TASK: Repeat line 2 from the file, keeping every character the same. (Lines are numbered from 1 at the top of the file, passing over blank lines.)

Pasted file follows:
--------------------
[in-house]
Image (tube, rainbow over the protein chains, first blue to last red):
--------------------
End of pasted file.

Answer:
Image (tube, rainbow over the protein chains, first blue to last red):